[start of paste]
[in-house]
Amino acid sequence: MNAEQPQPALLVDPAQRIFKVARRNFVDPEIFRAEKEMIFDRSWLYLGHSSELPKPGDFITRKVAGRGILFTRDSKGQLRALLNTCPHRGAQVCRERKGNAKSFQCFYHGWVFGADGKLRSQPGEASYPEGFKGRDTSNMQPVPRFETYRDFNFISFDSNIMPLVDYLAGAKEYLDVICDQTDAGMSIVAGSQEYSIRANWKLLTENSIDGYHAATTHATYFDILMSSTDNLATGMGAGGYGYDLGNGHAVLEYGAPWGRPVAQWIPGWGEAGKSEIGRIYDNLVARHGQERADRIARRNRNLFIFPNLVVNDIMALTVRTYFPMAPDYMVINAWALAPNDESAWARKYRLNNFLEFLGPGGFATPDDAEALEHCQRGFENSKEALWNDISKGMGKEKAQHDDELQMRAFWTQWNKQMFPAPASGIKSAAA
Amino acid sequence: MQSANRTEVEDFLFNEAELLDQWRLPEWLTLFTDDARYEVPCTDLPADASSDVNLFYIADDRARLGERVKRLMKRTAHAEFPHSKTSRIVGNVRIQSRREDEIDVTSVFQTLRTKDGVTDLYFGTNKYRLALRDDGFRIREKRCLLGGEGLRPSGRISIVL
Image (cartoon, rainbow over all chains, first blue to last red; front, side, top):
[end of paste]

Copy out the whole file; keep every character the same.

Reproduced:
[in-house]
Amino acid sequence: MNAEQPQPALLVDPAQRIFKVARRNFVDPEIFRAEKEMIFDRSWLYLGHSSELPKPGDFITRKVAGRGILFTRDSKGQLRALLNTCPHRGAQVCRERKGNAKSFQCFYHGWVFGADGKLRSQPGEASYPEGFKGRDTSNMQPVPRFETYRDFNFISFDSNIMPLVDYLAGAKEYLDVICDQTDAGMSIVAGSQEYSIRANWKLLTENSIDGYHAATTHATYFDILMSSTDNLATGMGAGGYGYDLGNGHAVLEYGAPWGRPVAQWIPGWGEAGKSEIGRIYDNLVARHGQERADRIARRNRNLFIFPNLVVNDIMALTVRTYFPMAPDYMVINAWALAPNDESAWARKYRLNNFLEFLGPGGFATPDDAEALEHCQRGFENSKEALWNDISKGMGKEKAQHDDELQMRAFWTQWNKQMFPAPASGIKSAAA
Amino acid sequence: MQSANRTEVEDFLFNEAELLDQWRLPEWLTLFTDDARYEVPCTDLPADASSDVNLFYIADDRARLGERVKRLMKRTAHAEFPHSKTSRIVGNVRIQSRREDEIDVTSVFQTLRTKDGVTDLYFGTNKYRLALRDDGFRIREKRCLLGGEGLRPSGRISIVL
Image (cartoon, rainbow over all chains, first blue to last red; front, side, top):